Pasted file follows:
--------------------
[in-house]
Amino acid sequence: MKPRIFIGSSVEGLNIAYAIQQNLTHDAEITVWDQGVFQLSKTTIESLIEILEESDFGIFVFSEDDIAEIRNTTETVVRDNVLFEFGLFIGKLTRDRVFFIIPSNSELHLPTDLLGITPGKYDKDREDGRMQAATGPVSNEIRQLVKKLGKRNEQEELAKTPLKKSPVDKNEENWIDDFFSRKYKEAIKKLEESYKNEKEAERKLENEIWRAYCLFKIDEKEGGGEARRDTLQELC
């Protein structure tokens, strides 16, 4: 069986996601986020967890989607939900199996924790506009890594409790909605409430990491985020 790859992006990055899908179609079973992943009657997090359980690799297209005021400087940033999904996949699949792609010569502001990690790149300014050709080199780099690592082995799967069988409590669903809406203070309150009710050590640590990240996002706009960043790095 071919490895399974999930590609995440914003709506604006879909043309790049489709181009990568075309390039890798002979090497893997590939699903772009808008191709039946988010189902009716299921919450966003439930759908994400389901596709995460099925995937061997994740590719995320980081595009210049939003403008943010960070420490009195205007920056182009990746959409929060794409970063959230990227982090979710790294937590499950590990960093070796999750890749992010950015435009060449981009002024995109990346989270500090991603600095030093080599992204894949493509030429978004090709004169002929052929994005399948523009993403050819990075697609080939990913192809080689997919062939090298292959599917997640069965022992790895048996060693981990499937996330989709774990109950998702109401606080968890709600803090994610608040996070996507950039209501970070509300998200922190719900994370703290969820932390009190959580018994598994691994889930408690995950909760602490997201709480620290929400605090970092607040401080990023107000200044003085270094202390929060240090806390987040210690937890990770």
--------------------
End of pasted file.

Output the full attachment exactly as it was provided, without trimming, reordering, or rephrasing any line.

[in-house]
Amino acid sequence: MKPRIFIGSSVEGLNIAYAIQQNLTHDAEITVWDQGVFQLSKTTIESLIEILEESDFGIFVFSEDDIAEIRNTTETVVRDNVLFEFGLFIGKLTRDRVFFIIPSNSELHLPTDLLGITPGKYDKDREDGRMQAATGPVSNEIRQLVKKLGKRNEQEELAKTPLKKSPVDKNEENWIDDFFSRKYKEAIKKLEESYKNEKEAERKLENEIWRAYCLFKIDEKEGGGEARRDTLQELC
């Protein structure tokens, strides 16, 4: 069986996601986020967890989607939900199996924790506009890594409790909605409430990491985020 790859992006990055899908179609079973992943009657997090359980690799297209005021400087940033999904996949699949792609010569502001990690790149300014050709080199780099690592082995799967069988409590669903809406203070309150009710050590640590990240996002706009960043790095 071919490895399974999930590609995440914003709506604006879909043309790049489709181009990568075309390039890798002979090497893997590939699903772009808008191709039946988010189902009716299921919450966003439930759908994400389901596709995460099925995937061997994740590719995320980081595009210049939003403008943010960070420490009195205007920056182009990746959409929060794409970063959230990227982090979710790294937590499950590990960093070796999750890749992010950015435009060449981009002024995109990346989270500090991603600095030093080599992204894949493509030429978004090709004169002929052929994005399948523009993403050819990075697609080939990913192809080689997919062939090298292959599917997640069965022992790895048996060693981990499937996330989709774990109950998702109401606080968890709600803090994610608040996070996507950039209501970070509300998200922190719900994370703290969820932390009190959580018994598994691994889930408690995950909760602490997201709480620290929400605090970092607040401080990023107000200044003085270094202390929060240090806390987040210690937890990770």